Wednesday, June 23rd, 2010
Picton Castle sailed from Panama almost a week ago. Bound for Galapagos we are. In many ways, this is a regular passage for us with the routine of watchstanding, workshops, meals and day-to-day life aboard. We changed the watches on leaving Panama, mixing the groups up so that everyone has a chance to be on watch with different people in different times. Crew are settling into their new watches well, getting to know and spend time with different shipmates and learning new routines and subtleties of each watch and how to accomplish that watch’s assigned tasks. Bosun WT and bosun’s mate Paula continue to assign ship’s maintenance projects, focusing this passage on holystoning the main deck and getting some rust busting, priming and painting done on the overhead of the aloha deck. Both of these projects are appropriate for this passage as they can be done even when it’s raining. We’re in the intertropical convergence zone, resulting in light winds, overcast skies and fairly frequent drizzle. We’ve been mostly motoring with intermittent periods of sailing when the wind cooperates. The Captain’s multi-part splicing workshop continues today with part 5 with a sailmakers eye-splice. Yesterday was the chain splice, with the long splice the day before. Prior to Panama, we had already done the eye splice and short splice. Each crew member has a practice rope where they’ve been doing their daily homework – a practice on their own of whatever splice was covered in the workshop that day.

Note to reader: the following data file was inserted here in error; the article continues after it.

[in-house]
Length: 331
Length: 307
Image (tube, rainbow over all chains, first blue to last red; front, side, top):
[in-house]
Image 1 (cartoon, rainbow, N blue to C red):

In some ways, this passage is not regular for us. The ship seems to have developed a foul, noxious, malodorous stench due to the number of pollywogs aboard. A pollywog, for those who don’t know, is someone who has never sailed across the Equator before. To a shellback, someone who has sailed across the Equator, there are few things as undesireable as the smell of pollywogs. For the sake of our loyal shellbacks’ sensitive noses, I certainly hope that King Neptune and his royal court will come soon to take care of this embarassing faux pas. And the adverse winds? Can only be due to the presence of the dreaded pollywog. Messages have been arriving almost daily, in the form of emails, a canvas bag caught on one of our fishing lines and even notes scrawled on mirrors in all the heads, warning the pollywogs of the court’s impending arrival and of King Neptune’s penchant for cutting hair. We were visited by representatives of Neptune himself in the form of two booby birds – one on the jibboom and one on the quarterdeck. These mighty sea birds made themselves at home while they observed the behaviour of our putrid pollywogs. Also black fish or pilot whales and porpoise have been swimming by to take a gander and inspect it seems. The reports can’t be good… We’re currently less than 10 nautical miles from the Equator and we’ll have to cross before we reach Galapagos, so one way or another, the pollywog problem will be solved.